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Crypto ETFs: Beyond Bitcoin & Ethereum, and onto Bitcoin Forks – StableLab’s Doo Wan Nam Outlines Next Steps

Last Updated June 1, 2024 2:12 PM
Teuta Franjkovic
Last Updated June 1, 2024 2:12 PM

Key Takeaways

  • StableLab’s Doo Wan Nam said that while technology can boost efficiency, it cannot fully replace the human element essential for effective decision-making.
  • Wan Nam predicted that Litecoin or Bitcoin Cash probably would be next in line for ETF approvals.
  • He mentioned the social finance (socialfi) sector could be the next hot thing in crypto.

In a recent interview with CCN, Doo Wan Nam, the Co-Founder and COO at StableLab, shared insights into the evolving landscape of Decentralized Autonomous Organizations (DAOs), and where he sees the next ETF coming to the crypto space.

Wan Nam suggested that a Bitcoin fork could potentially be the next ETF due to its similarities with Bitcoin, making it a straightforward option for exchanges.

Litecoin, Bitcoin Cash Top Contenders for Next Crypto ETFs

Since the SEC opened the door for Bitcoin ETFs, and quickly followed that up with Ethereum ETF proposals, many questions have circled around which coin is next. Regarding what crypto would next ETF’s, and how that decision will be made, will be based on striking a balance.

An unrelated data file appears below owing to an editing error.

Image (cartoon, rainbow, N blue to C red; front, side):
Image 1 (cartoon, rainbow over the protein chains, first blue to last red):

“Looking at, for example, both Bitcoin and let’s say, Ethereum approved, it’s very likely the next steps probably are going to be those that have, let’s say, high volume, but at the same time has proven to be at least from the legal side of the safer as well. So although it might be unpopular, I’ll say probably like Litecoin or Bitcoin Cash probably is next in line because it has a lot of common with Bitcoin itself. Also been a long time also there’s some appetite for it,” Wan Nam said.

In discussing the strategic choices behind cryptocurrency listings on new exchanges, Wan Nam pointed out that Bitcoin and Ethereum are typically the initial choices due to their prominent status in the market.

He also mentioned other cryptocurrencies like Ripple, highlighting its potential for being featured next, although he expressed uncertainty about its specific prospects. Wan Nam speculated that it might not necessarily be Ripple; alternatives like Solana could also be candidates.